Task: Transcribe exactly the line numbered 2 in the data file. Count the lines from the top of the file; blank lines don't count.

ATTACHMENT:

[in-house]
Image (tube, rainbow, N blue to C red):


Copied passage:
Image (tube, rainbow, N blue to C red):